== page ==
(Host) Congressman Peter Welch thinks the budget stalemate in Congress could be broken if voters across the country demanded action from their elected officials.
Welch is hoping that a special congressional budget committee will propose a package that includes budget cuts and tax increases.
VPR’s Bob Kinzel reports
(Kinzel) Over the course of the next 10 weeks, the 12-person special committee will try to reach agreement on a plan to reduce federal spending by $1.2 trillion over the next 10 years. The panel has six Republican members and six Democrats.
If the committee is unable to agree on a plan by the middle of November, automatic budget cuts will go into place.
Fifty percent of these cuts will come from defense spending and the other half will come from domestic programs.
Welch is hoping that Republican leaders will drop their opposition to new tax revenue if the Democrats agree to make changes to Social Security, Medicare and Medicaid:
(Welch) "I think the best way to get from here to there is with everything on the table. Because if there’s a plan and everybody’s sharing in the sacrifice, then everybody can see that, ‘Yes, there’s a little bit of pain for me, I’m paying a little bit more in taxes.’ Or, we’ve had to make some adjustments here in some of the entitlements to make it stronger and more sustainable. Then I think you get buy in."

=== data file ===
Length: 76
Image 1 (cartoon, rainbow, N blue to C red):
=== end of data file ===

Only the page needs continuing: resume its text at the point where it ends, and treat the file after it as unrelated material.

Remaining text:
(Kinzel) Welch is cautiously optimistic that a compromise can be reached if voters across the country express their strong frustration with the current state of politics in Washington.
(Welch) "If the members of that committee, Republicans and Democrats, are experiencing the same thing in their districts as I am here in Vermont, where the Vermonters I see basically say to me, ‘Peter, why don’t you guys work together. You know, get something done, solve the problem.’"
(Kinzel) Some members of Congress are urging their leaders to call the House and Senate back to Washington to deal with the nation’s economic crisis. Welch says he’s willing to end his August recess if Republicans and Democrats can agree on a course of action.
(Welch) "If they had a plan going back to Congress to enact it and act on it, absolutely. But just to go back to Congress when there’s been this enormous division and you get back there and you don’t have the foundation for progress, I’m not sure that would be a useful thing."
(Kinzel) Welch now serves as a chief deputy whip in the Democratic caucus. He says he plans to use this leadership position to encourage his colleagues to accept a compromise package that includes both tax increases and changes to entitlement programs.
For VPR News, I’m Bob Kinzel in Montpelier